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Please check the following sentences:

1: None of the students are going.

2: None of the students is going.

I know sentence #1 is correct because the book says so. If it were up to me, then I would consider the sentence #2 correct rather than the sentence #1. None is singular, not plural. None means not a single. Right?
Comments  
This is what the OED says:

— USAGE Some traditionalists maintain that none can only take a singular verb (as in none of them is coming tonight rather than none of them are coming tonight). However, none is descended from Old English nan meaning ‘not one’, and has been used for around a thousand years with either a singular or a plural verb, depending on the context and the emphasis needed.
Feebs11This is what the OED says:

— USAGE Some traditionalists maintain that none can only take a singular verb (as in none of them is coming tonight rather than none of them are coming tonight). However, none is descended from Old English nan meaning ‘not one’, and has been used for around a thousand years with either a singular or a plural verb, depending on the context and the emphasis needed.
Please explain the above underlined line.
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Jackson6612
Feebs11This is what the OED says:

— USAGE Some traditionalists maintain that none can only take a singular verb (as in none of them is coming tonight rather than none of them are coming tonight). However, none is descended from Old English nan meaning ‘not one’, and has been used for around a thousand years with either a singular or a plural verb, depending on the context and the emphasis needed.
Please explain the above underlined line.

HELP!
Hi,
I always use a plural verb with "none". I see it as the same as "some", "many", etc.
Many people are here. Many are here.
Some people are here. Some are here.
None of people are here. None are here.

Exception: I use a singualr verb in cases like:
None of them was MacGyver. (not "were". There can only be one MacGyver)

Some people use it with a singular verb more often, but I think most people (at least Americans) generally use it with a plural verb, like me. Emotion: smile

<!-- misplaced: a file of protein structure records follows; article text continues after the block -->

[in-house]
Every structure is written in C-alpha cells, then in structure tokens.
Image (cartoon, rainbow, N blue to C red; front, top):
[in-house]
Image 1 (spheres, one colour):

Just my point of view.
KooyeenHi,
I always use a plural verb with "none". I see it as the same as "some", "many", etc.
Many people are here. Many are here.
Some people are here. Some are here.
None of people are here. None are here.

Exception: I use a singualr verb in cases like:
None of them was MacGyver. (not "were". There can only be one MacGyver)

Some people use it with a singular verb more often, but I think most people (at least Americans) generally use it with a plural verb, like me. Emotion: smile

Just my point of view.
Thank you for a very lucid explanation, Kooyeen. Take care. [Suggestions are still welcome]

Best wishes, Jackson
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none means no one. you would say no one is going, right?
even if you say not a single one, you would say not a single one is going.
eg: a single person was walking on the road.
negation: not a single person was walking on the road.

Is it like None of the student is are going.

Jackson6612Please check the following sentences:
1: None of the students are going.
2: None of the students is going.

I know sentence #1 is correct because the book says so. If it were up to me, then I would consider the sentence #2 correct rather than the sentence #1. None is singular, not plural. None means not a single. Right?

Both sentences are correct.

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